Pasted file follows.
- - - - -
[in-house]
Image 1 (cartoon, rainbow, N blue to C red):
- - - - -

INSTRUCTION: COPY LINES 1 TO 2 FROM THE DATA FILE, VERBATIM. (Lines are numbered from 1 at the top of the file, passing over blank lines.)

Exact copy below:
[in-house]
Image 1 (cartoon, rainbow, N blue to C red):